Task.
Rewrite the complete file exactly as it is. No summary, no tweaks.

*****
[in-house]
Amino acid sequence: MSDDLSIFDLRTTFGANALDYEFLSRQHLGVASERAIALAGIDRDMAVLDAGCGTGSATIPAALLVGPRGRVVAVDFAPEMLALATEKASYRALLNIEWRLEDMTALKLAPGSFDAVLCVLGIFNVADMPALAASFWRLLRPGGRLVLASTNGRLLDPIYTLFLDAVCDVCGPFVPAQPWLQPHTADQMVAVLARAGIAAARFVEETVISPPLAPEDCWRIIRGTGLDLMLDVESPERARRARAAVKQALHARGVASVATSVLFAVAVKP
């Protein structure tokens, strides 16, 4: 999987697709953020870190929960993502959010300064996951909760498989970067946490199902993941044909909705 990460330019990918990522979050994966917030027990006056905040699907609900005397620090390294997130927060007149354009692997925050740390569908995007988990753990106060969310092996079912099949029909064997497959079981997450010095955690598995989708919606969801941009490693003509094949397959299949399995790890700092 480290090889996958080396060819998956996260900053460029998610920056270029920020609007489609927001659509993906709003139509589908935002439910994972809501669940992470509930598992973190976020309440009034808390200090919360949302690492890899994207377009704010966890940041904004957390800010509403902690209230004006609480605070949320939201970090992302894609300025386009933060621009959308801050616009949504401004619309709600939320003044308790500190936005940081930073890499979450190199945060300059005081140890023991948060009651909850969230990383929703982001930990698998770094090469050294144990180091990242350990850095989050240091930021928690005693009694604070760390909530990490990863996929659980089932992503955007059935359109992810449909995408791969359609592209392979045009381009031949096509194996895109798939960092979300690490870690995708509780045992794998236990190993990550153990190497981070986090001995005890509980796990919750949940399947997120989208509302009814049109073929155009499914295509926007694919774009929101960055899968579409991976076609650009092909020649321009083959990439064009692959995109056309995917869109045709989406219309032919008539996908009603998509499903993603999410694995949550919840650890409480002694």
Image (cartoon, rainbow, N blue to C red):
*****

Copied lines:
[in-house]
Amino acid sequence: MSDDLSIFDLRTTFGANALDYEFLSRQHLGVASERAIALAGIDRDMAVLDAGCGTGSATIPAALLVGPRGRVVAVDFAPEMLALATEKASYRALLNIEWRLEDMTALKLAPGSFDAVLCVLGIFNVADMPALAASFWRLLRPGGRLVLASTNGRLLDPIYTLFLDAVCDVCGPFVPAQPWLQPHTADQMVAVLARAGIAAARFVEETVISPPLAPEDCWRIIRGTGLDLMLDVESPERARRARAAVKQALHARGVASVATSVLFAVAVKP
């Protein structure tokens, strides 16, 4: 999987697709953020870190929960993502959010300064996951909760498989970067946490199902993941044909909705 990460330019990918990522979050994966917030027990006056905040699907609900005397620090390294997130927060007149354009692997925050740390569908995007988990753990106060969310092996079912099949029909064997497959079981997450010095955690598995989708919606969801941009490693003509094949397959299949399995790890700092 480290090889996958080396060819998956996260900053460029998610920056270029920020609007489609927001659509993906709003139509589908935002439910994972809501669940992470509930598992973190976020309440009034808390200090919360949302690492890899994207377009704010966890940041904004957390800010509403902690209230004006609480605070949320939201970090992302894609300025386009933060621009959308801050616009949504401004619309709600939320003044308790500190936005940081930073890499979450190199945060300059005081140890023991948060009651909850969230990383929703982001930990698998770094090469050294144990180091990242350990850095989050240091930021928690005693009694604070760390909530990490990863996929659980089932992503955007059935359109992810449909995408791969359609592209392979045009381009031949096509194996895109798939960092979300690490870690995708509780045992794998236990190993990550153990190497981070986090001995005890509980796990919750949940399947997120989208509302009814049109073929155009499914295509926007694919774009929101960055899968579409991976076609650009092909020649321009083959990439064009692959995109056309995917869109045709989406219309032919008539996908009603998509499903993603999410694995949550919840650890409480002694």
Image (cartoon, rainbow, N blue to C red):